19 Oct 1734 - 4 Jul 1826

  • EDUCATION: Harvard College, 1755
  • BIRTH: 19 Oct 1734, Braintree, Suffolk, MA
  • DEATH: 4 Jul 1826, Quincy, Suffolk, MA [2449]
  • BURIAL: Quincy Congregational Church, Quincy, MA
Father: John ADAMS
Mother: Susanna BOYLSTON

Family 1 : Abigail SMITH
  • MARRIAGE: 25 Oct 1764, Weymouth, Suffolk, MA
  1.  Abigail ADAMS
  2.  John Quincy ADAMS
  3.  Susannah ADAMS
  4.  Charles ADAMS
  5.  Thomas Boylston ADAMS

                                       _Joseph ADAMS ___+
                     _Joseph ADAMS ___|
                    |                 |_Abigail BAXTER _+
 _John ADAMS _______|
|                   |                  _John BASS ______+
|                   |_Hannah BASS ____|
|                                     |_Ruth ALDEN _____+
|--John ADAMS 
|                                      _________________
|                    _Peter BOYLSTON _|
|                   |                 |_________________
|_Susanna BOYLSTON _|
                    |                  _________________
                    |_Ann WHITE ______|

[2451] (Adams and associated lines from a GEDCOM posted to Rootsweb
by Scott Williams []).

The Adams Family Papers
Massachusetts Historical Society

Adams, John (1735-1826), second president (1797-1801) and first vice president (1789-97) of the United States, and leader in the movement for independence. His presidency was marked by rivalry with fellow-Federalist Alexander Hamilton, controversy over government measures taken to curb political opposition, and a crisis in U.S. relations with France.

Adams was born on October 30, 1735, in Braintree (now Quincy), MA, a town in which Adamses had lived since 1638. His father had married into a wealthy Boston family, the Boylstons, and was thus able to send his son to Harvard College, from which young Adams graduated in 1755. He then selected law and soon found that in the courtroom his acquired erudition and intellectual precision overcame his natural timidity, and he became a powerful speaker and an adroit advocate. At the age of 29 Adams married Abigail Smith, a woman who was clearly his intellectual and psychological equal.

[2452] The Coming of the Revolution

The controversy that preceded the American Revolution catapulted Adamsinto a position of political leadership. His Braintree Instructions(1765) was a powerful denunciation of the Stamp Act, and his oddlytitled Dissertation on the Canon and Feudal Law (1765) was a prescientanalysis of the emotional and ideological demands facing the colonists.Chosen as a lawyer for several British soldiers charged with the deathof five colonists in the Boston Massacre (1770), Adams successfullydefended his clients by justifying their use of force out of fear fortheir lives. In his essays Novanglus (1774-75), he defended colonialresistance and argued that the British Empire was in reality a league ofnearly autonomous entities; thus, he anticipated 19th-centuryself-government of British overseas possessions.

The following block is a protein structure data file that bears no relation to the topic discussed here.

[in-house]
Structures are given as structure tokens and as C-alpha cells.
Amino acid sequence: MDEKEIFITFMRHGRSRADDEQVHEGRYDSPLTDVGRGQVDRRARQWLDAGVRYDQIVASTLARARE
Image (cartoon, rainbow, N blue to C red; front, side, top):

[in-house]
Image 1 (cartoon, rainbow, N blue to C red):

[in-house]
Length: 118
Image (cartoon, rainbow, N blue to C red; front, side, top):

In the First and Second Continental Congresses, Adams emerged as apowerful exponent of the historic rights of the English and the naturalrights of humankind. Along with his cousin Samuel Adams, he initiated(1775) the effort to secure the appointment of George Washington ascommander of the new Continental army. Adams served on the committee todraft the Declaration of Independence, but when Thomas Jefferson laterclaimed that Adams had given him a free hand in composing it, Adamsresponded indignantly that the document was "a theatrical show" in which"Jefferson ran away with the stage effect ... and all the glory of it."Thus began a rivalry that continued for more than a decade.
More clearly perhaps than any other leading patriot of his day, Adamsexpressed the fear that he and his fellow revolutionaries might fail insummoning forth the virtue and objectivity required to avoid loss ofnerve and internal factionalism. His Thoughts on Government (1776), inwhich he elaborated on these warnings, became a handbook on the writingof early state constitutions and particularly influenced the preparationof those documents in Virginia, North Carolina, and MA.

[2453] Diplomatic Service and Vice-Presidency

In 1778 Congress sent Adams and John Jay to join Benjamin Franklin asdiplomatic representatives in Europe. Franklin remained the Americanenvoy to France; Adams went to the Dutch Republic and had theresponsibility for opening negotiations with Britain; Jay traveled toSpain. In 1782 and 1783, the three men together negotiated the Treaty ofParis, ending the 8-year war with Great Britain.